Presentation on theme: "Developmental(uncarious) anomalies of teeth. Developmental anomalies of teeth are marked deviations from the normal standards in color, contour, size,"— Presentation transcript:
Developmental anomalies of teeth are marked deviations from the normal standards in color, contour, size, number, and degree of development of the teeth. Systemic as well as local factors may operate to produce these developmental disturbances. Such influences may begin before or after birth so that either deciduous or permanent teeth may be involved. Usually, it is the permanent teeth that are influenced and, in all instances, only those not completely formed at the time of the disturbance
Classification (by Patrikeev) 1. Before teeth eruption: Fluorosis Hypoplasia Hyperplasia Inherited disturbances of teeth Anomalies of development and eruption 2. After teeth eruption: Erosion of teeth Necrosis of teeth Hyperesthesia of teeth wedge-shaped defect of teeth Pigmentation of teeth Trauma of teeth
fluorosis Dental fluorosis occurs because of the excessive intake of fluoride either through fluoride in the water supply, naturally occurring or added to it; or through other sources. The damage in tooth development occurs between the ages of 6 months to 5 years, from the overexposure to fluoride. Teeth are generally composed of hydroxyapatite and carbonated hydroxyapatite; when fluoride is present, fluorapatite is created. Fluorosis happens when children get too much fluoride while their teeth are developing.fluoridetooth developmentTeeth hydroxyapatitecarbonated hydroxyapatitefluorapatite
Criteria for Dean's Fluorosis Index Normal The enamel represents the usual translucent semivitriform type of structure. The surface is smooth, glossy, and usually of a pale creamy white color.
Questionable The enamel discloses slight aberrations from the translucency of normal enamel, ranging from a few white flecks to occasional white spots. This classification is utilized in those instances where a definite diagnosis of the mildest form of fluorosis is not warranted and a classification of "normal" is not justified.
Very Mild Small opaque, paper white areas scattered irregularly over the tooth but not involving as much as 25% of the tooth surface. Frequently included in this classification are teeth showing no more than about 1-2 mm of white opacity at the tip of the summit of the cusps of the bicuspids or second molars.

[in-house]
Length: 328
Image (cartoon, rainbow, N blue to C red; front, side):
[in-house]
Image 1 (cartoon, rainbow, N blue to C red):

Mild The white opaque areas in the enamel of the teeth are more extensive but do not involve as much as 50% of the tooth
Moderate All enamel surfaces of the teeth are affected, and the surfaces subject to attrition show wear. Brown stain is frequently a disfiguring feature
Severe All tooth surfaces affected; discrete or confluent pitting; brown stain present
Hypoplasia Hypoplasia is underdevelopment or incomplete development of a tissue or organ. The name is derived from the Greek: hypo, meaning low, and plasis, which refers to molding or forming. The adjective form is hypoplastic. In hypoplasia, there is a lack of development or a defective development of the enamel of the tooth before its eruption.
Turner's hypoplasia Turner's hypoplasia is an abnormality found in teeth. Its appearance is variable, though usually is manifested as a portion of missing or diminished enamel on permanent teeth. Unlike other abnormalities which affect a vast number of teeth, Turner's hypoplasia usually affects only one tooth in the mouth and, it is referred to as a Turner's tooth.teethenamelmouth If Turner's hypoplasia is found on a canine or a premolar, the most likely cause is an infection that was present when the primary (baby) tooth was still in the mouth. Most likely, the primary tooth was heavily decayed and an area of inflamed tissues around the root of the tooth (called a periapical inflammation), affecting the development of the permanent tooth. The tooth most likely affected by this cause is the canine tooth. The appearance of the abnormality will depend on the severity and longevity of the infection.caninepremolarinfectiondecayed inflamedtissuesroot periapicalinflammationdevelopment of the permanent toothcanine tooth
If Turner's hypoplasia is found in the front (anterior) area of the mouth, the most likely cause is a traumatic injury to a primary tooth. The traumatized tooth, which is usually a maxillary central incisor, is pushed into the developing tooth underneath it and consequently affects the formation of enamel. Because of the location of the permanent tooth's developing tooth bud in relation to the primary tooth, the most likely affected area on the permanent tooth is the facial surface (the side closer to the lips or cheek). White or yellow discoloration may accompany Turner's hypoplasia.maxillary central incisorformation of enameltooth budlipscheek hypoplasia
Tooth hyperplasia Tooth hyperplasia or Enamel Pearls (Enamel Drops). In this condition, small islands of enamel 1 to 2 mm in diameter are located on precervical ares of molars and premolars,on the root surface close to the cementoenamel junction. If covered by cementum, they probably will not be noticed on the extracted tooth except histologically. They are of significance only as potential problems in development of periodontal lesions.